|Publication number||US7347641 B2|
|Application number||US 10/814,116|
|Publication date||Mar 25, 2008|
|Filing date||Mar 31, 2004|
|Priority date||Mar 31, 2004|
|Also published as||US20050220533|
|Publication number||10814116, 814116, US 7347641 B2, US 7347641B2, US-B2-7347641, US7347641 B2, US7347641B2|
|Inventors||Alan K. Prichard|
|Original Assignee||The Boeing Company|
|Export Citation||BiBTeX, EndNote, RefMan|
|Patent Citations (12), Non-Patent Citations (1), Referenced by (22), Classifications (41), Legal Events (3)|
|External Links: USPTO, USPTO Assignment, Espacenet|
The following disclosure relates generally to methods and systems for joining structures together, for example, joining two different types of structures with a coupling device.
During many manufacturing and repair processes, two pieces of material are joined together using various techniques, including welding, brazing, riveting, and bolting. Riveting is often a preferred technique because it is generally low cost and lightweight. During a typical riveting process, a rivet is placed through a hole drilled through the two materials being joined. The rivet is then expanded, filling the hole. As the rivet expands, it contacts the sides of the hole in each of the materials, applying a radial force to the material. A protruding end or tail of the rivet can also be deformed to hold the rivet in place. Various rivets have been designed over the years, including high-strength hardened rivets having soft tail portions, which can be easily deformed without cracking (as described in U.S. Pat. No. 3,626,531).
When a composite material is riveted to a metallic material (e.g., during the manufacture of an aircraft), the radial force applied to the sides of the hole in the composite material can cause a compression of the composite fibers, damaging the composite and/or leading to delamination. To address this problem, the hole in the metallic material can be made small enough to allow the expanding rivet to contact the metallic sides of the hole (as described above) and the hole in the composite material can be made large enough so that the expanding rivet does not contact the composite sides of the hole, thus avoiding damage to the composite material. While this technique provides a lightweight method of joining the two materials, the requirement to drill two different size holes makes the process time consuming and expensive.
The present disclosure is directed generally toward structural systems and methods for joining structures together using a coupling device including joining two different types of structures with a coupling device. One aspect of the invention is directed toward a method for joining structures together that can include inserting a coupling device through a first aperture in a first structure and through a second aperture in a second structure. The method can further include positioning the coupling device with a first section of the coupling device extending through the first aperture and a second section of the coupling device extending through the second aperture, but not into the first aperture. The method can still further include applying at least one force to the coupling device to radially expand a portion of the second section of the coupling device extending through the second aperture toward an interior surface of the second aperture, while the first section of the coupling device in the first aperture remains at least approximately unexpanded in a radial direction.
Another aspect of the invention is directed toward a system of joined structures that can include a first structure having a first aperture with a first interior surface and a second structure having a second aperture with a second interior surface. The first aperture can have a minimum radial extent at least approximately the same as a minimum radial extent of the second aperture. The system can further include a coupling device having a first section extending through the first aperture and a second section extending through the second aperture, but not extending into the first aperture. The first section of the coupling device can have at least one of a hardness, toughness, and density greater than that of the second section of the coupling device. A portion of the second section can have a radial extent that is greater than a radial extent of the first section.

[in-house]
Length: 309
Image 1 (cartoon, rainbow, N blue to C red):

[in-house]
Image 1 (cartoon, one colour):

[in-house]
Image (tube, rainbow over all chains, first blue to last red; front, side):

Still another aspect of the invention is directed toward a system of joined structures that can include a first structure having a first aperture with a first interior surface and a second structure having a second aperture with a second interior surface. The first aperture can have a minimum radial extent at least approximately the same as a minimum radial extent of the second aperture. The system can further include a coupling device having a first section extending through the first aperture and a second section extending through the second aperture, but not extending into the first aperture. The first section of the coupling device can have at least one of a hardness, toughness, and density greater than that of the second section of the coupling device. A portion of the second section can apply a first radial force to the second interior surface and the first section can apply no radial force to the first interior surface or the first section can apply a second, lesser radial force to the first interior surface.
The present disclosure is directed generally toward structural systems and methods for joining structures together using a coupling device. Several specific details of the invention are set forth in the following description and in
The coupling device 210 can include a generally cylindrical shank 214 elongated along axis A. The coupling device 210 can include a first section 211 on one side of a boundary 222 and a second section 221 on the other side of the boundary 222. The first section 211 can include a head 212 having a radial extent 213 and a first shank portion 214 a having a radial extent 215. The second section 221 can include a second shank portion 214 b having a radial extent 223 and can further include a tail 224 having a radial extent 225. In the illustrated embodiment, the radial extent 213 of the head 212 is larger than the radial extent 235 of at least a portion of the first aperture 232, preventing the head 212 from passing completely through the first aperture 232.